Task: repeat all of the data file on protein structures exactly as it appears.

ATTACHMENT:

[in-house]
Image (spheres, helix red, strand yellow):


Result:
[in-house]
Image (spheres, helix red, strand yellow):